Uses of virgin carbon fiber -Activated carbon fibers (ACF)-(3)

Molecular sleeves: Oak Ridge National Laboratory has developed a carbon fiber composite molecular sieve designed specifically to absorb CO2 emitted from coal fired power plants and gas turbines. Petroleum pitch based chopped fiber is bonded with a phenolic resin and activated in steam, O2, or CO2 at 850C, to form a product with a large surface area and pore volume with mesopores of 2-50 nm, capable of absorbing CO2. There are also macropores which allow sufficient fluid flow with low pressure drop. It also has potential to be used for removal of CO2 from natural gas for fuel cells.

Catalysts: A porous carbon fiber carbon composite with a density >0.2 g/cm3 with a significant volume of mesopores and macropores which allow excellent fluid flow with minimal pressure drop has potential as catalyst support. Fortafil P200 PAN based carbon fiber was slurried in water with a phenolic resin, vacuum molded, dried at 50C, cured for 3h at 130C and carbonized in a flow of N2 at 650C. In this process, O2, CO2, H2O and CO were trapped inside the micropores during carbonization and gasified the surface of the PAN fibers, resulting in large surface areas and mesopore volumes, a possible candidate for a catalyst support.

Biomedical applications: The use of carbon materials and carbon fiber reinforced composites for medical application is examined. Carbon fibers are first considered, looking at their physical and chemical properties in vitro; the properties and histology of two commercial carbon fibers in vivo; and the histology of carbon cloth in vivo. The use of carbon-carbon composites in medical applications is then examined.

Any material used in a surgical medical application has to be proved safe and the material to be implanted for an extended period of time must be non-toxic, non-carcinogenic and unaltered by the body environment. Where a mechanical movement is involved, the implant must have good fatigue resistance and be unaffected by corrosion due to body fluids and the implanted material must not suffer a rejection process.

Jenkins, at the University Hospital of Wales, Cardiff worked on implants for the heel tendons of sheep and rabbits and knee ligaments for sheep using HM carbon fiber, chosen because of its higher purity and probable better biocompatibility. A 10k tow was twisted and doubled and subjected to pressure steam sterilization prior to use. The results were quite successful and after two months, it was virtually impossible to tell which limb the sheep had been operated on, as there was no tissue rejection and the filaments acted as a scaffold for collagenous growth. After 3 months, the twisted tow was completely engulfed in new tissue, which forced apart the filaments in the tow and assisted the transfer of load from the carbon fiber filaments through to the newly formed collagen tissue. The cells tended to grow in a spiral fashion along the manipulate, it was replaced with Type A fiber, which was stronger, more readily handled and exhibited no ensuing biocompatibility problems.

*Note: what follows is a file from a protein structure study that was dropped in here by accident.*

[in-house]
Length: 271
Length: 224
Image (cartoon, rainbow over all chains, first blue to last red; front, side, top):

Veterinary applications were pursued at the University of Bristol on racehorses. When a racehorse rupture a tendon, the effect was far reaching and usually resulted in the horse being destroyed, so there was every encouragement to establish whether carbon fibers could induce tendon and ligament growth in racehorses.

A hernia repair with carbon fiber, ligament repairs and the introduction of carbon fiber pads in the knee have also been reported. One problem with the knee pad is that the carbon fiber does tend to get ground away and not all surgeons favour carbon fiber implants, preferring to use items from a tissue bank.

Park and Vasilos fabricated carbon fiber reinforced calcium phosphate composites, made by hot pressing to give a ceramic with significantly improved ductility albeit with a slight decrease in ultimate flexural strength. The failure strains of the composites and the monolithic calcium phosphate ceramics were 0.36 and 0.21%, respectively. It was demonstrated that carbon fiber reinforced calcium phosphate composites would be good biomaterials for bone replacement.


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